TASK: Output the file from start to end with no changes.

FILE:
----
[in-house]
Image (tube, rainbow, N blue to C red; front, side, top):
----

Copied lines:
[in-house]
Image (tube, rainbow, N blue to C red; front, side, top):